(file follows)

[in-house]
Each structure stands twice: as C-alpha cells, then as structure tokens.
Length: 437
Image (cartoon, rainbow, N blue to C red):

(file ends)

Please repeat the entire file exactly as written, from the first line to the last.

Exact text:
[in-house]
Each structure stands twice: as C-alpha cells, then as structure tokens.
Length: 437
Image (cartoon, rainbow, N blue to C red):